Mobile Telecommunications in a High Speed World tells the story of 3G and higher-speed mobile communication technologies. Over ten years have passed since the first third-generation (3G) licences were awarded following debates about the merits of auctions versus 'beauty contests' then, nothing much happened. More licences were issued, a few roll-outs commenced and everyone began to think it had all been a horribly expensive mistake. That may still turn out to be the case, but in the meantime there have been massive developments in terms of the number of licences and launches worldwide, in the range of services that can be accessed, in the range of devices that can be used to access them, in operator strategies etc. Even the technology has improved considerably with 4G now under discussion. Much of this story has been chronicled, largely on the Internet, but the information is in tens of thousands of bits and pieces and a large part of it is either misleading or just plain wrong. Here, Peter Curwen and Jason Whalley introduce the outcomes of research that has involved the compilation of a unique database which details every licence and launch worldwide involving 3G. The authors discuss the structure of the industry and the strategic behaviour of operators, as well as the social consequences of the spread of 3G. They examine the role of new entry upon competition, and present analysis of the main operators involved, the development of handsets and especially smartphones. A number of country case studies are included. This comprehensive and up-to-date volume includes a number of country studies and is written by two of the world's foremost researchers on this industry. Mobile Telecommunications in a High Speed World will serve the needs of students, academics and those involved, or contemplating involvement, with the telecoms industry. Why pay thousands of dollars to consultancies to separate the wheat from the chaff with respect to 3G when you can read this book.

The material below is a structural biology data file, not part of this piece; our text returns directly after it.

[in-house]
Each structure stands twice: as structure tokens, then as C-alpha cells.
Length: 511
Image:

Professor Peter Curwen was until September 2002 Professor of Business Economics at Sheffield Hallam University, in the UK. He is now retired from his full time role but remains Visiting Professor of Telecommunications Strategy at Strathclyde University where he began to research and publish jointly with his co-author. He has spent the past decade building up a unique set of databases on mobile telecommunications technology containing information otherwise unavailable in the public domain. Dr Jason Whalley is Reader in Management Science at Strathclyde University. Since roughly 2000, he has concentrated his research on mobile telecommunications, and in particular upon the structure of the industry and the strategic behaviour of operators. Both authors have published extensively.